What’s Your Role When A Teammate Does Wrong


What’s Your Role When A Teammate Does Wrong

Sometimes being a friend means difficult confrontation

Kate Rampone

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It’s an awful truth, but in light of recent events both inside and outside the world of athletics, we need to continue to remind athletes that they have a role to play if they witness or suspect their teammate(s) engaging in sexual or domestic violence. While it can feel like an incredibly uncomfortable and difficult responsibility, it’s one that must be accepted.

Scanning through recent headlines, we find stories of survivors and their growing masses of supporters who are fighting back through various campaigns in support of those victimized by sexual assault and domestic violence. We can use these stories that need to be highlighted and used as examples for athletes.

One campaign in particular that caught my eye is #SetTheExpectation, pioneered by sexual assault survivor Brenda Tracy, with the specific goal to end sexual and domestic violence in sports. It caught my attention because it includes a pledge that coaches and players can sign and share with their networks of peers, teammates, and fans. It’s an actionable promise to set the expectation that sexual and physical violence are never okay and a pledge to courageously stand up against suspected or witnessed violence.

Too often people are cautious to speak out against their teammate because they don’t want to ruin his or her life over “one mistake,” but in doing so they fail to remember that the victim’s life has been irreparably stained or that they can have lasting negative consequences of their actions.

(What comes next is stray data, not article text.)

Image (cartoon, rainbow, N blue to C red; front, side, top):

Unfortunately, the evils prevalent in college athletics don’t end with sexual and domestic violence. Temptations whose consequences affect more than just the offender are lurking around every corner: binge drinking, drugs, sex, violence, and more. As an athlete, teammate, and Christ-follower, you cannot afford to be a passive spectator when you notice a brother or sister falling into destructive patterns.

What should you do when you notice or suspect a teammate going down a destructive path?

As a Christ-follower, it is your responsibility to do the difficult work and speak out


The bond forged through being teammates is a strong one. You typically see them more than anyone else in your life — they’re your chosen family in this season of life.

You get to know the inner workings of their lives, you have a front row seat to view their life and their actions — in the locker room, at practice and games, and at social events. Sometimes it’s not always explicitly obvious that they’re falling into a pattern of destructive behavior, but when the signs are there, you have a responsibility to go against the grain and lovingly confront.

Bad behavior — especially when it’s become socially accepted — can be difficult to challenge. But Jesus modeled that sometimes being willing to go against the grain and call something out is a responsibility that needs to be taken seriously.

For example, when Jesus entered the temple in Jerusalem in Matthew 21, he saw the merchants and money-changers and was angry. He overturned the tables and forced them out. Because the people wanted and needed to make money, the Pharisees questioned His anger and actions.

What could be so wrong with the merchants and money-changers trying to make a living? Well, the temple was supposed to be a place of worship, not a place to cheat people and generate financial profit. His anger and actions were righteous because He was doing so based on the love He had for His Father and wanting respect for His Father’s house.